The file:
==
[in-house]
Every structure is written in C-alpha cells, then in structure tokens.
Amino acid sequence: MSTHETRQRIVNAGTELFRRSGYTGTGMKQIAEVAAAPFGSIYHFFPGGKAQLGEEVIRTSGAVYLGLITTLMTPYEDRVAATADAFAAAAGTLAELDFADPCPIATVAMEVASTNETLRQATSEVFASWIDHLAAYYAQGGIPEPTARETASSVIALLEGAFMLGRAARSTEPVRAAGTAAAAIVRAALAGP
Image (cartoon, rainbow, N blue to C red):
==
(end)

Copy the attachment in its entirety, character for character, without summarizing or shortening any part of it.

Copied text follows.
[in-house]
Every structure is written in C-alpha cells, then in structure tokens.
Amino acid sequence: MSTHETRQRIVNAGTELFRRSGYTGTGMKQIAEVAAAPFGSIYHFFPGGKAQLGEEVIRTSGAVYLGLITTLMTPYEDRVAATADAFAAAAGTLAELDFADPCPIATVAMEVASTNETLRQATSEVFASWIDHLAAYYAQGGIPEPTARETASSVIALLEGAFMLGRAARSTEPVRAAGTAAAAIVRAALAGP
Image (cartoon, rainbow, N blue to C red):